Ronica had always worked. For nearly three decades, she held positions in fields as diverse as social services with at-risk youth, health care, and hospitality management. All of her employers had appreciated her, promoted her, and gave her excellent recommendations.
She had no reason to believe, then, that she would have trouble getting a new job if she stopped working to care for her ailing mother. In 2003, Ronica left her managerial position at a Cape Cod hotel to move to Boston to be near her mother, once a prominent civil rights leader in Boston who had instilled a strong work ethic in her daughter.
When her mother passed a few years later, Ronica set out to find employment. She encountered difficulty finding anything permanent and was forced to settle for a series of contract and temp jobs. In fall 2007, she became ill and had to spend six weeks in the hospital, which ended her temp job. After unsuccessfully applying for a number of positions upon leaving the hospital, Ronica finally applied for unemployment insurance.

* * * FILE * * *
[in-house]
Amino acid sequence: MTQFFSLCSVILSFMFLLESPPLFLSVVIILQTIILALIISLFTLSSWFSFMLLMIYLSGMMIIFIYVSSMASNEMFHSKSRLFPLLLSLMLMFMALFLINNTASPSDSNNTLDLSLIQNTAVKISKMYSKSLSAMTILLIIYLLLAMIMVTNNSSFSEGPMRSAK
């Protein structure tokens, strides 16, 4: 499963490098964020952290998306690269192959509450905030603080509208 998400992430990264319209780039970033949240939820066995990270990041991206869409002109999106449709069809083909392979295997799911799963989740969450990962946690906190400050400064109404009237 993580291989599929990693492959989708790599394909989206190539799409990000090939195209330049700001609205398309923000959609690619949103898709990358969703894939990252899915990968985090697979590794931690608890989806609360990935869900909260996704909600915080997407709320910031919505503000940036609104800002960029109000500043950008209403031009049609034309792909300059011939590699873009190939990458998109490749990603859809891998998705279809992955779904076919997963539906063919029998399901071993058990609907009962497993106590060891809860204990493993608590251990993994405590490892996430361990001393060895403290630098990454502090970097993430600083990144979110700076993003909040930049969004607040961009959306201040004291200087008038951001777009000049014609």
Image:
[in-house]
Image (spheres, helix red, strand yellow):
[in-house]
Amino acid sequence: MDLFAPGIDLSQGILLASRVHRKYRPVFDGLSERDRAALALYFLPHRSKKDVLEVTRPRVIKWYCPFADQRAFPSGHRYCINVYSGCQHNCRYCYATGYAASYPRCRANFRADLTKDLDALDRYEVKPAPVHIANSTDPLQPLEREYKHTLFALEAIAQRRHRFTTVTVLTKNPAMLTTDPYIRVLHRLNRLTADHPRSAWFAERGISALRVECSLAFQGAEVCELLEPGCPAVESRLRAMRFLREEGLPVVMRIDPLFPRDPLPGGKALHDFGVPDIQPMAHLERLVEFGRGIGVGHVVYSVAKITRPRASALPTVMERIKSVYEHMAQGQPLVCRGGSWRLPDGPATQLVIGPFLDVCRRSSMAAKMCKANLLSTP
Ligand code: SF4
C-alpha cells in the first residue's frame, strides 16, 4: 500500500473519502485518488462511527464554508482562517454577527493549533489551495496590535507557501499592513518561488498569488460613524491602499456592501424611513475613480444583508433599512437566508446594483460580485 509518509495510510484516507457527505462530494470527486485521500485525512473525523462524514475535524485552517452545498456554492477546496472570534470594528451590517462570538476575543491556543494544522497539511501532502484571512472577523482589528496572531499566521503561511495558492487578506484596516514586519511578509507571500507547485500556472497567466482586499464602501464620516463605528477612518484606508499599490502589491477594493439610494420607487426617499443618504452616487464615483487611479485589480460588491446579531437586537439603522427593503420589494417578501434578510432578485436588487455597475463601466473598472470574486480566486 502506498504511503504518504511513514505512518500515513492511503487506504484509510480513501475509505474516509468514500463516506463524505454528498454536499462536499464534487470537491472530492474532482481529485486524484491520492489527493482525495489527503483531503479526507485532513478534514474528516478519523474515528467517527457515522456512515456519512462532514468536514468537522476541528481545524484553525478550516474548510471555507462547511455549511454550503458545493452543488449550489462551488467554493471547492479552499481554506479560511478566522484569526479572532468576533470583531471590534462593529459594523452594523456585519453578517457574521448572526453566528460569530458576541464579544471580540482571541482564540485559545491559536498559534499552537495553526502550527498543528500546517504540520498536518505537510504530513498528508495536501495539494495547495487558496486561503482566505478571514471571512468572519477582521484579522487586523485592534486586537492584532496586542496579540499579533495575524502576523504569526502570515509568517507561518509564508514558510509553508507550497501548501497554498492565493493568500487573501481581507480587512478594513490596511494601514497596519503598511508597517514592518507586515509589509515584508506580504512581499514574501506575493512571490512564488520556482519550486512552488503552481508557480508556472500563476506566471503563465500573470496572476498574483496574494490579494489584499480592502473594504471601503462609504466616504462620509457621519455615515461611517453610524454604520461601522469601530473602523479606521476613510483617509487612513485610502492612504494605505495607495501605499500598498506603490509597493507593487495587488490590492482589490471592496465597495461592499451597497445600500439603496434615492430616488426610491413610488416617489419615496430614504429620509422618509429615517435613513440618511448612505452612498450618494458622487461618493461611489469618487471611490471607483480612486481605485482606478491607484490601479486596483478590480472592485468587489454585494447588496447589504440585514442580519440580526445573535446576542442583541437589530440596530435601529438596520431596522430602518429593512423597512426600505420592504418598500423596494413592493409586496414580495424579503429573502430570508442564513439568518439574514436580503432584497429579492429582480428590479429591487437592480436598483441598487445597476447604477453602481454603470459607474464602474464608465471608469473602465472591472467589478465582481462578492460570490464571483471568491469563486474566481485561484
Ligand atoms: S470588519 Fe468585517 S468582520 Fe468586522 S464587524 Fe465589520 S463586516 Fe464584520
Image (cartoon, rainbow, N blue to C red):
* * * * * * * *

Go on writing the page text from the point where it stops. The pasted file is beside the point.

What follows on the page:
At the time, Ronica lived in a Cambridge apartment she had rented for the past 10 years. It took five weekly unemployment checks to pay just her rent, so before long she fell behind on her payments. Despite a persistent job search, Ronica was still without work when her unemployment benefits ran out in February, and her landlord started eviction proceedings against her.
That’s when Ronica came to GBLS. A GBLS housing attorney was able to negotiate with her landlord’s attorney and secure the help of a local agency to keep Ronica in her apartment. This stability in Ronica’s life allowed her to find a new job.